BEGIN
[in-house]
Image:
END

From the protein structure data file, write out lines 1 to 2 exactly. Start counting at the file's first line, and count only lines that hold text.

[in-house]
Image: